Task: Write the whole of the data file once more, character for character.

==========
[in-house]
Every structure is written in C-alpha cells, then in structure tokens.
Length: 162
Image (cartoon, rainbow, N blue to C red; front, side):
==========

[in-house]
Every structure is written in C-alpha cells, then in structure tokens.
Length: 162
Image (cartoon, rainbow, N blue to C red; front, side):